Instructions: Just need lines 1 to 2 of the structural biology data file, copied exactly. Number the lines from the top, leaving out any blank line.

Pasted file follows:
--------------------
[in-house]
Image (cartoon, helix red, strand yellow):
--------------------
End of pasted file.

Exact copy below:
[in-house]
Image (cartoon, helix red, strand yellow):